Yet the damage goes much further. Many critics of corporate abuses and rising inequality now also subscribe to the economist-created dogma about the essence of business. Arguing the case for an ethics of justice and sustainability from a Buddhist point of view, for example, David Loy argues that “Corporations are legally charted so that their first responsibility is not to their employees or customers, nor to other members of the societies thy are part of, nor to the ecosystems of the earth, but to those who own them, who with very few exceptions are concerned primarily about return on investment”. As a result, most aspirations for “alternative economies” tend to veer towards utopian or state-directed visions of communitarianism that are of limited practical value.

The message seems to be, from both right and left, that business is–by its very nature–an ethics-free, and care-free, sphere. And the pool of poison continues to spread, even beyond the business sphere. One recent article, for example, proclaimed “Whether we like it or not, colleges and universities are a business. They sell education to customers….While the typical for-profit firm tries to maximize its profit, non-profit universities generally try to maximize their endowments or operating revenue…” The poison has even spread to thinking about nations: Applying to nations the economists’ dictum that only actions that serve self-interest will be chosen, Posner and Weisbach argue that global climate “justice” will likely involve poorer nations, who are feeling this environmental crisis first, making payments to richer ones, to compensate them for the loss of GDP they will suffer by taking action.

These narrow, doctrinaire, and ethically scandalous claims could—and should—seem ridiculous to anyone with a modicum of social sophistication and humanistic sensibility. But even if you put ethics aside, standard economics doctrines don’t stand up to a pragmatically and empirically grounded view of the world. Any serious, grounded analysis shows that economic systems actually require a good deal of concern with ethics, interpersonal trust, and other-regarding behavior to function well. Purely opportunistic personal behavior, far from driving a market system, actually destroys it.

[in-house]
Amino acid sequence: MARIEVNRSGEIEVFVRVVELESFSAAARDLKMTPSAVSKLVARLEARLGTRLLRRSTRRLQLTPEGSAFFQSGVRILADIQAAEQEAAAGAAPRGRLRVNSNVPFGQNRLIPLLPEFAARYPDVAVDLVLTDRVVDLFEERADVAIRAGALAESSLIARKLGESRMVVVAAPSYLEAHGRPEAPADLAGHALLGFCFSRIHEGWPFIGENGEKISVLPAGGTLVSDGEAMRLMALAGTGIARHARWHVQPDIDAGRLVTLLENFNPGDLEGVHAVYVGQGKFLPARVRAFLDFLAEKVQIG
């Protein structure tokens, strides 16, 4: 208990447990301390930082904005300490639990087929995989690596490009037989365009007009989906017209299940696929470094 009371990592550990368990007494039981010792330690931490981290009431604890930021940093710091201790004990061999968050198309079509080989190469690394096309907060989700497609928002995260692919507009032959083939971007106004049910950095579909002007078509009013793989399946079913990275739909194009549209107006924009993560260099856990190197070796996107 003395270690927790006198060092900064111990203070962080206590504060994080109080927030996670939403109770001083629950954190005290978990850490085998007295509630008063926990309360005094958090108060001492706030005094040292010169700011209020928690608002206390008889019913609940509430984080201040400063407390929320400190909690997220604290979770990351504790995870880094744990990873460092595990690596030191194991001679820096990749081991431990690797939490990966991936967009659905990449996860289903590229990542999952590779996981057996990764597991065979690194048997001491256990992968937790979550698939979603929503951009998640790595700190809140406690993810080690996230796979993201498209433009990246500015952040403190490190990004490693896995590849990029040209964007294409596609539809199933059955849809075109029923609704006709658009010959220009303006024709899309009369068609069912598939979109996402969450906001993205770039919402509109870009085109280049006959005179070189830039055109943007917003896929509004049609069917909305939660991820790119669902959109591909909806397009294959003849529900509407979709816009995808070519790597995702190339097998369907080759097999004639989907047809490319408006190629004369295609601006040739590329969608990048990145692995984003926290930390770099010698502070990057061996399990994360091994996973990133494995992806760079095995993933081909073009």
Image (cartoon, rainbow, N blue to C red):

Moving to the organizational level, the widespread belief that profit maximization is required by corporate charters, or by other legal or economic mandates, is actually false (Stout, 2012). Even when leaders of corporations may seem to be trying to “maximize” something, in practice profits for shareholders is generally not the goal. Personal wealth and/or expansion for expansion’s sake are far more frequent, among the possible self-interested goals. The profit-maximization story also obfuscates socially positive business goals, supported by many leaders who have a broader and more long-term perspective. These include providing useful, healthy products; creating good places to work; promoting environmental sustainability; and supporting innovation. Among non-profits, some leaders act like self-interested business executives, but some still try to educate, promote health, or serve another social purpose. While short-sighted national self-interest may include a concern for GDP per capita, aspirations related to territorial power and pride seem to be at least as prominent. Taking a longer-term view, national interests clearly must include attaining the sort of global cooperation needed to seriously addressing climate change. Businesses, non-profits, and nations are social communities of humans, with all the complexity that this implies. A more accurate and balanced understanding of human personal and organizational behavior as including both reasonable self-interest and reasonable care–for others and for the natural environment–offers, I believe, our best chance for a survivable future.